January
29th
  2:56:11 PM

Whatever are you thinking about?

Hi there,

Being an editor is not such a big deal. You do have to drink lots of coffee and get to work before noon, but otherwise, most tasks are not very onerous – stuff like surfing the internet and thinking up puns for headlines.

But there is a serious side. In the never-ending war for better communication, editors must defend the English language against jargon, bureaucratese, woolly and wilful ambiguities, verbal flatulence, run-on sentences, needless repetition and the vampire bats of boredom and cliché. Against these enemies, any editor worth his salt has taken a solemn oath to pursue them, come what may, into their foetid burrows and do them to death.

On the positive side, editors are honour-bound to showcase the robust beauty of English. One of these is what grammarians call preposition stranding – moving prepositions away from their object. This is a quirk which non-native speakers are not good at and which generations of English teachers have looked down upon.

Winston Churchill, a master of muscular English idiom and a Nobel prize-winner in Literature, despised such narrow-minded prescriptivism. An over-zealous editor once blue-pencilled his text and he scribbled indignantly in the margin "This is the sort of English up with which I will not put." Touché.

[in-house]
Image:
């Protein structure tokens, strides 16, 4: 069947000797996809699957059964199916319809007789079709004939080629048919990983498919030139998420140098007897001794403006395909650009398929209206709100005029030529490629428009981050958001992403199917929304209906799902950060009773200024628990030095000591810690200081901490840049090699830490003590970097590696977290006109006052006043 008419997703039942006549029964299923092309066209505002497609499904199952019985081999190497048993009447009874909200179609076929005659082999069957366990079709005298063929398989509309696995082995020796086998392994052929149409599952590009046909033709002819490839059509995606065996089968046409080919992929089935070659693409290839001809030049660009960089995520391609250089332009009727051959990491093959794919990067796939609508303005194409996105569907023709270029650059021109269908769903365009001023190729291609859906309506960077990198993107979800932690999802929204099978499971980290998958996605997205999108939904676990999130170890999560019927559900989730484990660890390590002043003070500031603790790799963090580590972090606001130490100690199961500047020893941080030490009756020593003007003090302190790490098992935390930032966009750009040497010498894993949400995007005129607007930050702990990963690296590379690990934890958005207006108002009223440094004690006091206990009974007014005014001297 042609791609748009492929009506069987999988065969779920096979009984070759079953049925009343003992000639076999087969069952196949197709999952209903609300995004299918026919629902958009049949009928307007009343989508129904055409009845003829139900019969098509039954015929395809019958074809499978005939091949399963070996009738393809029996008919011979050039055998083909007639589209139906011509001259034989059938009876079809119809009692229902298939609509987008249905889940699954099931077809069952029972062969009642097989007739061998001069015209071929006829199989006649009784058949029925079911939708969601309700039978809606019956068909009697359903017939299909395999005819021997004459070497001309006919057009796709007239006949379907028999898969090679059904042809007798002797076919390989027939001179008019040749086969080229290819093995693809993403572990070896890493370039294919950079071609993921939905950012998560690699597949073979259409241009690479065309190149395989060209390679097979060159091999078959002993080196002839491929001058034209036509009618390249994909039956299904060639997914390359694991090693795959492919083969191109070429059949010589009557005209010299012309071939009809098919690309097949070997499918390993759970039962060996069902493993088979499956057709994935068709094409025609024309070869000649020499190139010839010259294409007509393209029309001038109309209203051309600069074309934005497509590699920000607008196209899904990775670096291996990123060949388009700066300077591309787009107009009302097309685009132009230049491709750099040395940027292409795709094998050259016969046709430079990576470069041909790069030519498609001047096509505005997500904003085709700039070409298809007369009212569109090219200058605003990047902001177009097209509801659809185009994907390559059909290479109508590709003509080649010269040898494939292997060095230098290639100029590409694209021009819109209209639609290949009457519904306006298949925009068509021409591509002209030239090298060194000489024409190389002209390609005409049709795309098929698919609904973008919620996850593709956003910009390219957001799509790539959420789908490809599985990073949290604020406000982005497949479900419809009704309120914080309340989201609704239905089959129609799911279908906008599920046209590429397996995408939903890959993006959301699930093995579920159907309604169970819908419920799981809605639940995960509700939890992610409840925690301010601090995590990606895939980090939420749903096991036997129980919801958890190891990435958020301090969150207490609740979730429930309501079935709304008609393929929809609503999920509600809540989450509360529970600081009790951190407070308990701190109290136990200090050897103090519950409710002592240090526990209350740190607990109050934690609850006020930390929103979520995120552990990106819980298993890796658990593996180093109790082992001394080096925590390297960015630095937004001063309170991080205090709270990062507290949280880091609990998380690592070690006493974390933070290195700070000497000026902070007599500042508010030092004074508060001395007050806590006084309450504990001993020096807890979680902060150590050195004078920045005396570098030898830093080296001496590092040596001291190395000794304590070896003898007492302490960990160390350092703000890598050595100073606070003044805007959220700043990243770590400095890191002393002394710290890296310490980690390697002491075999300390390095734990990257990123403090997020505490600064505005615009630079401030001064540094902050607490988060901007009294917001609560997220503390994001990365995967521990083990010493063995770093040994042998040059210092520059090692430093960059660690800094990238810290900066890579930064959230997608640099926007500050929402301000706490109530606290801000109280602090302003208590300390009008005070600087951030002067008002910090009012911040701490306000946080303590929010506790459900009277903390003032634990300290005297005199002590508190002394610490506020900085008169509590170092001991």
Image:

Now that we are dabbling in French, I gather that preposition stranding has spread to Québec, where people are wont to say things like: j'avais pas personne a parler avec (I had no one to talk to).

Which brings me to the question of the maximum number of prepositions one can end a sentence with. Even the hardy Québécois are not game to add more than one on. The most I have seen in English is seven. A boy complains to his father: "What did you bring that book that I don't want to be read to out of up from under for?"

Any other nominations?

So far this week, we have posted five articles. Meg  McDonnell wonders when some Millennials are going to wake up to the big lie about reproductive freedom. Robert Reilly has some harsh words for the new US policy on using women as frontline combat troops.

Izzy Kalman reviews a documentary about workplace bullying and Andrea Valagussa reviews a powerful drama from Canada about a primary school teacher. Finally, John G. West explains why C.S. Lewis was sceptical of the overweening ambitions of some scientists.

Cheers,


Michael Cook,
Editor,
MercatorNet


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